Katherine Miller once lost her kitten inside her studio apartment. "I was panicked. She was only 8 weeks old, and she just disappeared," Miller says. "She was gone for the entire day, and I couldn't figure out what was going on." Fortunately, "that evening, I heard this tiny meow and realized it was coming from my dresser." Her kitten had climbed through a small gap at the bottom of the furniture and was trapped inside a drawer.
That's why it's so important to scrutinize your home for problems before a kitten or puppy arrives, says Miller, director of applied science and research at the American Society for the Prevention of Cruelty to Animals.
See the world at pet eye-level. "Pets definitely explore their environments by tasting, and they put everything in their mouths. We think children are bad -- but that's nothing compared to what a pet will do," says Bernadine Cruz, DVM, a veterinarian in Laguna Hills, Calif., who recalls hearing about one Labrador puppy that swallowed 13 golf balls. Get down on the floor and check every room for hazards, she says. Look for exposed electrical cords, poisonous house-plants, and small objects, such as earrings, hair scrunchies, and toys.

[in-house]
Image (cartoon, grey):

Train your petto chew on acceptable objects. If you catch your puppy or kitten chewing on your leather boot, clap your hands to interrupt the act, Miller says. "No punishment, no anger," she says. Just make it a teachable moment. "Direct that behavior onto an appropriate object: a chew toy, a rawhide -- something that's safe and rewarding."
Give your kitten a scratching post. It's useless to punish a kitten that claws the sofa, because scratching is a natural behavior, Miller says. Instead, provide a scratching post or pad. "Cats like to scratch when they wake up. It's part of their waking up, stretching routine," she says, so station the post or pad near where your cat likes to sleep.
Exercise your dog: Just 30 minutes of vigorous exercise a day can tire her enough to slow down the destructive behavior.